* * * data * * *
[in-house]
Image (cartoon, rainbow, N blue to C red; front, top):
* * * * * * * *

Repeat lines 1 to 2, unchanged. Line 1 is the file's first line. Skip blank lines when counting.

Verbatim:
[in-house]
Image (cartoon, rainbow, N blue to C red; front, top):